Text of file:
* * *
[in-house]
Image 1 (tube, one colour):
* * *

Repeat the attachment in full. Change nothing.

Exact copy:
[in-house]
Image 1 (tube, one colour):